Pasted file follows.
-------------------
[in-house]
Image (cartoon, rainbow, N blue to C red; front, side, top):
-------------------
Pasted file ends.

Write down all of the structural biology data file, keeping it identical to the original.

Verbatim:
[in-house]
Image (cartoon, rainbow, N blue to C red; front, side, top):